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Discussion Starter #1
I just received my new Cub Cadet 24" 3X and have been able to use it once so far. Everything seems to work pretty well so far with the exception of the power steering feature.

First of all the steering trigger on the right side is much closer to the handle than the steering trigger on the left side. When turning right I can squeeze the trigger completely and the snow blower makes a gradual right turn without a problem.

But when I try to turn left by squeezing the trigger the wheel locks and the snow blower jerks awkwardly trying to make the turn. Has anyone else experienced this behavior, and is there a way to adjust the steering?

Thanks!

PS. At first I thought I would never get used to the "joystick" chute control, but I found that by holding my hand over the top of the joystick (as opposed to holding it by the stick like you would usually handle a joystick) that is was MUCH easier to control. I also noticed that sometimes the chute would creep back a little from the far left position, but I'm not sure how to correct that particular problem.
 

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Does your owners manual say anything about adjustments? Mine doesn't jerk like you said yours did.

I've found the chute does creep a bit forward if it doesn't engage the lock. So I'll just depress the trigger, move it to the left all the way and it usually stays locked there.
 

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Discussion Starter #3
There is nothing in the owners manual about adjusting the steering. I suspect that it's probably something the dealer would have to do which I'm not willing to do at this point in time (I live in a suburb of Boston and we've been slammed this year!)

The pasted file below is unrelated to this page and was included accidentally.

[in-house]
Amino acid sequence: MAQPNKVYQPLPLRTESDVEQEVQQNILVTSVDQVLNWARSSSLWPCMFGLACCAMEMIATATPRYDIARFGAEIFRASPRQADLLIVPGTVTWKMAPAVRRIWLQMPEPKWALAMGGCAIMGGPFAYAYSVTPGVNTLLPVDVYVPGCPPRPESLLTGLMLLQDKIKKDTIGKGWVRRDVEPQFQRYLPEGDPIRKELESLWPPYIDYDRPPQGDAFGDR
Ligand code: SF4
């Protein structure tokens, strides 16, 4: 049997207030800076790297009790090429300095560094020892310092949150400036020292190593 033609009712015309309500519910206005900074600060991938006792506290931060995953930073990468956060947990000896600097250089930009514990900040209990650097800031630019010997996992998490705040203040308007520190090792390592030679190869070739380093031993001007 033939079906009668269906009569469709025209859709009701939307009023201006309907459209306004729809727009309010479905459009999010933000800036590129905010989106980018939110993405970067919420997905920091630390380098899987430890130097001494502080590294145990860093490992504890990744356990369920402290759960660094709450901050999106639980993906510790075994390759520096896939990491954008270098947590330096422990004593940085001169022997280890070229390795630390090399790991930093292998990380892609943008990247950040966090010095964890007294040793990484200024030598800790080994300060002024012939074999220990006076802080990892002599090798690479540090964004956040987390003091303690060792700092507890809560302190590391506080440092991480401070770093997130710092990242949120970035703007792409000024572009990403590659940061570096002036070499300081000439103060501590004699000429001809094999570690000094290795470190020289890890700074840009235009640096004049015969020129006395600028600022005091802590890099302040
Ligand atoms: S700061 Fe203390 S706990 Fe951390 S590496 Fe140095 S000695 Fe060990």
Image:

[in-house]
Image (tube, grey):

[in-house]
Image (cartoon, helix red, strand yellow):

I'll try your suggestion about re-engaging the lock to keep the chute in place.

Thanks
 

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Discussion Starter #5
There were absolutely no snow blowers left at dealers or big box stores in my area a few weeks ago. I ordered it from Home Depot online. This particular model was only sold online and not carried in Home Depot stores.

Thanks
 

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I was just looking at mine, and I almost think you'd have to tip the blower up onto the auger housing and remove the lower panel to get to any adjustments.
Are the trigger cables installed correctly? One of mine wasn't put in right at the trigger end, when it was assembled at Home Depot.
 

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Discussion Starter #7
Caddydaddy you are the man for pointing me in the right direction!

I removed the lower panel and it turns out that there are no adjustments for the steering cables (the cables actually go into a side compartment on each side of the auger housing). However, because I tipped the snow blower up and onto the auger housing I was able to see something. It turns out that it was my fault that the steering did not work correctly.

I bought the snow cab for the blower and inadvertently pinched one of the steering cables when I mounted the hardware to the frame. I can't believe I did that, but I was grateful that I did not damage the cable.

So there you have it...all's well that ends well.

Once again, thanks for pointing me in the right direction!
 

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So there you have it...all's well that ends well.
That's great. I like the like the steering of my 3x26.